To anyone reading this and facing his/ her own struggles of any kind, please know that you aren’t alone. Please also know that while failure is certainly an option, so is trying again and again and again.

13 thoughts on “Failure is certainly an option

  1. I liked this: “The difference between a master and a student is that the master has failed more times than the student has tried’.”

    Also, I’ve learned that reading outside your preferred genre is incredibly helpful! If your local library has a book club, it’s worth your time to join. You’ll be exposed to soooo many different books, plus it’s interesting to learn what worked and didn’t work for a group of people.

    And you’re right, Kristen Painter’s stories are a lot of fun! I love authors who give back to the writing community. 🙂

    Liked by 1 person

      1. LOL Fair enough! I stalk…err…am a huge fan of Amy Stewart and Louise Penny’s writing. Oh! And Jim Butcher has two FANTASTIC videos on youtube for writers. Part One is “Blowing things up” and Part Two is “And making people care about it.” They’re videos that explain plotting/planning a novel with heavy attention to building well-rounded characters.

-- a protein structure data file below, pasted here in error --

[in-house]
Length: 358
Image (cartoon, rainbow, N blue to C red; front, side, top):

Liked by 1 person

      2. Oh nice – I’ll look those up! It really is hard finding good sources so I appreciate the recommendation!

        BTW, I completely forgot to say how cool that you also like Kristen Painter! 😀 Her books are consistently well-written and fun plus she’s interactive and friendly with fans!!

        Liked by 1 person

  2. I think it’s so important to point out that you can face failure in creative enterprises – we seem to think that if we don’t succeed creatively, we must be doing it wrong, when it is just as important to practice to get better.

    For writers, I think it’s important to see other writers “failure”. Last year, when Marissa Meyer released a new book, she also shared seven excerpts from her first drafts on her blog – what an amazing act of courage. And such an inspiration as an inspiring writer – the story was so different than the end product. But she was able to twist the basic story into something amazing.

    Liked by 1 person

  3. “The master has failed more times than the student has tried.” Well said! I think so many times we consider failure to be a dead end instead of a pothole. And it really is just part of the journey. I’m learning how to make it in this writing business, one story, one triumph, one misstep at a time.

    Liked by 1 person

  4. Hey there!
    Although I don’t have any ambitions to become a writer, I believe your article can be applied to any job or life itself in general. Inspirational!

    This part made me laugh: “There are so many opportunities for failures in our everyday life. There are jobs, romances, weight loss, families.”

    Liked by 1 person